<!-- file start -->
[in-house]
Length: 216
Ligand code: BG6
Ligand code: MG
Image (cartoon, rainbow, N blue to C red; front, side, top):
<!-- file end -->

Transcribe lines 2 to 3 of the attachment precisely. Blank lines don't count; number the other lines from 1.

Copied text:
Length: 216
Ligand code: BG6